Hook Turn Architecture has extended a typical Victorian terrace residence in Melbourne’s Brunswick East suburb, adding a sculptural tesselled façade with large glass doors opening onto the back yard.
The design of the addition was intended to complement the existing Victorian terrace, while also weaving some of the area’s local history into the built fabric. The design takes its cues from the history of the local area, with particular reference to the brick and bluestone quarrying industries upon which Brunswick was founded. The built form is conceived of as two stacked boxes; the ground floor brick box and the upper storey bluestone box.
The existing house was constructed almost entirely of brickwork and the ground floor addition remains faithful to this material. The upper floor recalls the local bluestone industry through a figurative representation of naturally occurring bluestone formations. These tessellated patterns are formed when basaltic lava flows cool to create bluestone, cracking and shearing in geometric arrangements. The upper storey is clad in folded zinc panels which recall columnar basalt, eroded at the rear facade to provide an arched, cave-like outline to the new master bedroom window.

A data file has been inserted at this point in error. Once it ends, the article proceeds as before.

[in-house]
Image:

The cantilevered form also shades the building’s interior during summer and encourages the entry of low sun in winter. By arranging the second storey mass at the rear, north facing end of the house, the design team has also limited the visibility of the addition behind the historical Victorian facade. The internal planning has been arranged to afford each room with the best access to daylight, with a centrally located courtyard delivering light deep into the plan and also acting as an extension to the dining room. A robust material palette has been used for the interiors with a particular focus on durable finishes and also on fixtures sourced from small, independent designers.
all images © Ben Tole